“If their [the group of six’s] motion for declaratory judgment is not litigation, then how is it that they say that I’m filing a lawsuit? When what I filed was a motion for declaratory judgment, I filed the exact same thing in court,” Hayman said Monday by phone. “Only I did it pro se and as a private citizen. So whereas a private citizen can file that motion without a vote in public, they cannot.”
Silva countered by saying there were still important distinctions between the two legal actions.
“We’re also not asking for monetary damages. That’s something that Mr. Rongione has asked for in his lawsuit. And that’s something Mr. Hayman has asked for in his lawsuit.”
“I’m not an attorney any more than Mr. Hayman is, but I don’t understand, I guess he doesn’t understand the concept of declaratory judgment or a declaratory statement,” Silva concluded.
Councilwoman Meaghan Wagner, who is a lawyer, agreed with Silva.
“Mr Hayman’s lawsuit is completely different than our filing in that he is not asking for the court to simply enforce a council action. He’s not doing that at all. He’s personally asking for punitive damages which is completely different,” Wagner said. “Further, his lawsuit is, in my opinion, completely frivolous and a function of a personal, political vendetta.”
Members of the group of six were hopeful that a ruling would have already been handed down, but the first judge in the case later recused himself which has led to delays.
The vote to fire Rongione traces back to the February council meeting in which the township treasurer voiced concerns about various account balances, raising the possibility that some federal funds received from pandemic legislation might have been moved or spent without council approval.
Even at that early stage, the council split into the 6-5 groups, and those sets have never shifted.
Councilman Brian Andruszko lamented the political state of affairs but also reaffirmed his belief in the actions taken by the group of six.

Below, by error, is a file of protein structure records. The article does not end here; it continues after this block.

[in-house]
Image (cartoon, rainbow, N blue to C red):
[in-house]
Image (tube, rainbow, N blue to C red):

“There are many things we would all like to get done for the residents in Upper Darby, but it feels that this is almost impossible to do until this conflict comes to resolution. Arriving at a resolution feels more and more distant with each passing day,” Andruszko said in an email.
He added the Rongione and Hayman suits “feel like an effort to stymie the action taken by the majority of council and what feels like behaviors to try and sway those council members who voted yes to Mr. Rongione forfeiting his office, to just give up on this fight.”
“We all took the oath of office knowing what came with it, but I don’t think anyone anticipated it would go to this length. We had a council member verbally harrassed [sic] and threatened just a few weeks ago. Now we are subject to what I view as frivolous lawsuits with financial fines levied against us.”
Shortly after the financial transparency issues surfaced in February, both Mayor Keffer and the group of six authorized their own financial investigations into the matter.
The investigation authorized by Keffer has concluded, with the final report from Marcum LLP essentially finding no wrongdoing. The gang of six has argued those results are incomplete because the Marcum investigators had access to only one of the township’s roughly two dozen accounts. Meanwhile, the investigation authorized by the group of six is in its final stages, and is expected to be released in September.
Todd Shepherd is Broad + Liberty’s chief investigative reporter. Send him tips at firstname.lastname@example.org, or use his encrypted email at email@example.com. @shepherdreports